Legal loopholes remain in draft ppp investment law

The Draft PPP (Public Private Partnership) Investment Law has just been reviewed by the National Assembly at a meeting held last week.

A toll plaza of a build-operate-transfer project (Photo: VNA)

A toll plaza of a build-operate-transfer project (Photo: VNA)

The Draft Investment Law was being prepared since July 2018, and was completed after collecting many ideas and suggestions of experts, companies and authorities.

Sectors allowed to apply PPP

The Draft PPP Investment Law has narrowed the sectors which will be allowed to apply PPP, compared to the old law. Accordingly, PPP will not be allowed to be applied in the sectors which don’t have any previous projects so far, and sectors which have projects already but are not effective. These projects can be implemented under other investment criteria.

In detail, the sectors which are allowed to apply PPP include transportation; power plants and electricity transportation systems; clean water systems, water pipelines, sewage treatment plants; public infrastructure, public parks; head offices of government agencies and other public offices; healthcare, education, training; technology and infrastructure.

In order to make PPP Investment Law more flexible, the draft law allows ministries, sectors and local authorities to propose new sectors and areas which are being applied under PPP to the Prime Minister for further approval.

The minimum investment capital of a PPP project is designed by government based on different sectors, but will not be lower than VND 200bn, excluding the projects which have Operation-Management (O&M) contracts.

The Draft PPP Law classifies 7 investment contracts into 3 groups: group of projects which will collect fee from users including BOT, BTO, BOO and O&M; group of projects that government will settle based on project quality; and the group which uses public assets to exchange for the projects (BT).

The Draft PPP Law also governs the methods to raise capital of PPP investors. Accordingly, the companies who implement PPP projects are allowed to issue corporate bonds after completing construction or when going into operation.

Conflict with other laws

Nguyen Van Phuc, Former Deputy Chairman of the Economic Committee of the National Assembly, said that we should not treat public projects equal with private projects as it will impact the investment trend and investor confidence. The process and procedure to supply capital to PPP projects should be special to push up the speed of PPP projects.

According to Bui Van Xuyen, Member of Legal Committee of the National Assembly, the Draft PPP Investment Law currently conflicts with the National Budget Law and the Constitution, hence, besides being flexible the law should also be stricter.

According to Do Van Sinh, Member of the Economic Committee of the National Assembly, the government should share the risk with investors in some cases only. After the auction, investors have to take responsibility for the entire project, whether it makes a loss or profit. It is unreasonable to ask the government to share their plight. If investors have wrongly calculated the estimated revenue, they have to incurve the results. We cannot increase the fees and extend the contract maturity dates just because of mistakes made by the investors.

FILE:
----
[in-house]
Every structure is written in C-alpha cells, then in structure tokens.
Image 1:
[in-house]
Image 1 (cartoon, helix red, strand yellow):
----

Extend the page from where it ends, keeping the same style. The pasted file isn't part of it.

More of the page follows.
The other topic which is of interest to members of the National Assembly is the risk that will happen to investors of PPP projects, especially projects which have life time of more than 20-25 years.

“Legal risks of PPP projects is huge when the current laws have governed PPP projects but the new specialized law continues to govern these projects differently.  However, according to the legal system, the new law will be effective over the older law. So if there is a new law which also governs the PPP contract but is effective after this PPP Investment Law, then what law we should follow?”, asked Dau Anh Tuan, Head of the Legal Apartment, VCCI.

Nguyen Van Phuc also said “there should be a mechanism to stabilize the legal frame work for PPP projects, including amending and revising the other laws. If we issue the new law, but do not want it to be different from the old law, we will never make the change”.

Buffer to reduce risk

The Draft PPP Investment Law also creates some buffers to protect investors in implementing the PPP projects.

Accordingly, based on each project, the government will have the support of foreign currency capital. The maximum support is 30% of the amount which is the result of the deduction of operating cost from total revenue of the project.

The new law also allows investors to adjust the price, fee or contract maturity based on the nature of each project.

For the PPP projects, which are approved by National Assembly and Prime Minister, if the revenue of the projects is not enough to cover the operating costs, the government will commit to subsidize maximum 50% of the amount which is the difference between actual revenue and contract estimated revenue.

Some experts said that the PPP projects should have guarantee from the government to make these projects more attractive, however, many members of the National Assembly did not agree with this point. According to Bui Van Xuyen, to determine which cases the government gives guarantee, investors need to use the regulations of Public Debt Management Law.

“Who are the arbitrators to solve the conflicts happening in the implementing process of PPP projects? Is it suitable with the Investment Law when the investors are foreigners?”, said Bui Van Xuyen.

“Many bottlenecks remain, the mechanism to contribute the capital, manage and use the capital is not detailed enough. Legal loopholes remain as well. The revenue sharing regime creates more risks”, said Mai Thi Anh Tuyen.

Anh Thu

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